Here's the whole gang from this year's trip. The six travellers from the Panama pre-trip were joined by Ben from Colorado, Michael from Georgetown, Queensland, Lorrie (part owner of MT Amazon Expeditions), Cliff from New Jersey, and Tom from London.
But this picture is jumping the gun a bit. Before we rode a motorboat down the Amazon to reach the two field stations where we enjoyed the company, cooking, and herp-finding skills of the kneeling folks in the photo, we spent a full day in the relative metropolis of Iquitos. This post is only about that one day.
After a fine breakfast at Ari's Burgers, we hopped onto the ubiquitous mototaxis and headed to the Quistacocha Zoo. The zoo is an excellent place to herp, and I am told that they have some zoo animals also.
The first official herp of the day was an anole in a tree just outside the zoo's ticket booth. Some people got good photos of it, but I was not among them. I did get a crappy photo though.
The most commonly seen herps on the zoo grounds were little diurnal geckos. I think all the ones we saw at the zoo were the same species.
A few iguanas wandered about.
One of our main targets for the afternoon was the Giant Ameiva a.k.a. Amazon Whiptail. These attractive lizards are pretty easy to find at the Santa Cruz field station that we would be visiting, but they tend to be very hard to approach there. At the zoo they are habituated to visitors and it's easier to get decent photos. They are still pretty skittish, but if you hang out in the right area long enough one will eventually sit still in the open for a while.
I spotted a tiny lizard and got one terrible photo as it was disappearing into a tangle of roots and leaf litter. My best guess is that it was a juvenile Black-bellied Forest Lizard, but as I did not actually inspect the color of its belly I cannot be certain.
Our top goal for the zoo was to find a species of poison dart frog that Matt and Lorrie had seen there on earlier trips, though not for a number of years. Soon enough, someone (I'm not sure who gets the credit, but it wasn't me) did spot one of these brilliant little jewels, perhaps a half inch long. We all gathered 'round and took our time taking photos.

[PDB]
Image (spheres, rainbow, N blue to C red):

While we were taking our time with this frog, Ryan got bored and wandered a short distance away, where he found an even smaller one.
After the zoo we headed to the nearby Manatee Rescue Center, because, well, manatees. Unlike their larger Florida cousins, Amazonian manatees live entirely in fresh water. They most certainly do not live in wooden houses.
On the way out of the Manatee Rescue Center a small lizard caught my eye, and I his.
In the evening it was time to road cruise, Iquitos style. We rented a bus, complete with driver, and took turns sitting near the front as we drove the Iquitos-Nauta Road, the only non-trivial road in the area. Depending on the weather, the traffic, and good old-fashioned luck, this road is sometimes fruitful and other times not so much.
At first most people were hoping to find a bunch of snakes, but after a significant snake-free interval we realized that if we didn't stop for frogs we might end up not stopping at all. So stop for frogs we did, though not without occasional arguments about whether a particular half-seen anuran was worth further investigation. Here are some that made the cut.
We did end up seeing three snakes, but only one of them was alive. I didn't take photos of the two dead ones (Anilius scytale and Atractus latifrons). The one that was not dead was a brilliant red and extremely uncooperative Amazon Scarlet Snake (Pseudoboa coronata). We all gathered around it for at least fifteen minutes using various techniques to unsuccessfully encourage it to sit still for a few moments.
The next morning we said goodbye to this obscure concept of "roads" and headed downriver to our first home away from civilization, Madre Selva Biological Station.